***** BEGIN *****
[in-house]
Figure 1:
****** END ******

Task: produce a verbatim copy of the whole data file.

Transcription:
[in-house]
Figure 1: